When we were in Charleston recently I was intrigued when I saw some very unusual versions of Eggs Benedict on restaurant menus. At our local diner alone there was a choice between Crab Stuffed Avocado Benedict and Oyster Rockefeller Benedict. Hmm. I declined both of these, though the oysters sounded interesting. Photo left: tomatos in your Eggs Benedict? It's the French way.
Which got me thinking about the origins of Eggs Benedict (American), and of Hollandaise sauce (French and Dutch) as well.
Turns out Eggs Benedict was first whipped up by a chef in New York, who made it for a certain Mr. Benedict. He asked the chef to make him a breakfast that would cure his hangover (delicious, but a dubious remedy). Much earlier, Hollandaise sauce was reportedly developed by a French chef, who decided to create his own version of a Dutch sauce to serve to a visiting king of the Netherlands.
It seems that every country (not to mention every state in the union) has its own version of Eggs Benedict. The Scandinavian and British countries use smoked salmon instead of ham or Canadian Bacon, and call it Eggs Atlantic, or Eggs Benjamin. In Maryland, crab cakes are the answer. Russians add black cavair. There is a Huevos Benedict, with avocado and salsa. On Charleston menus, I found these variations: Chipolte Pulled Pork Benedict, Spicy Sausage Benedict, Fried Green Tomato Crab Benedict, Black Bean Benedict with Salsa Verde, Shrimp Benedict with Tomato Béarnaise, and a REALLY southern one, Fried Chicken Benedict on Biscuits with Honey-Dijon Hollandaise. Oh la la.
And of course there is a French version. Eggs Provençal substitutes Sauce Béarnaise for the hollandaise. There are many versions of this southern France dish, most involving les tomates in some fashion. This is the one I came up with, featuring roasted tomatoes and asparagus.
RECIPE: Eggs Benedict Provençal
For this dish I used Ina Garten’s 10-minute blender Béarnaise sauce (though I cut back the tarragon a bit).
For 6 servings:
- 6 English muffins
- 6 roma tomatos, sliced
- 2 tablespoons olive oil
- 1 bunch asparagus
- a dozen eggs
- one recipe Sauce Béarnaise, as above
Heat oven to 400F (200C).
Put tomato slices in a bowl and toss gently with a tablespoon of olive oil plus salt and pepper. Put a Silpat or parchment paper on a half-sheet pan; spread tomatoes out in a single layer on half the pan. Place asparagus on the other half, drizzle with remaining oil, add salt and pepper, and toss lightly to coat.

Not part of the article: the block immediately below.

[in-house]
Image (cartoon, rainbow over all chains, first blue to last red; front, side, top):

Bake for about 20 minutes, until tomatoes are soft and asparagus is tender, but start checking at 10 minutes; if asparagus are thin they will cook more quickly and you’ll need to remove them to a plate.
Meanwhile, make Bérnaise sauce and set aside. Poach eggs in simmering water while toasting muffins.
To serve, arrange vegetables on top of muffins, top each half with an egg, and nap with sauce. Garnish with chopped grape tomatoes or fresh herbs. And good luck with that hangover!
In the COMMENTS: Jetagain makes a great point--renting is better and easier, if you didn't get the renovation gene! Martin fills us in on the inheritance laws, laws that we would consider restrictive. Martin, new laws make it possible to get around this now, but it's complicated to do. Any perspective buyer should read Julie's account of her buying experience, which was in the city instead of the countryside; and Katherine has sage advice for you as well. Patricia, you got SO lucky, and what a super house!
Favorite Reads: From reader Sue Wallace, here's a fascinating reccomendation: Provence, 1970: M.F.K. Fisher, Julia Child, James Beard, and the Reinvention of American Taste, about a historic moment in the crossroads of American and French culture.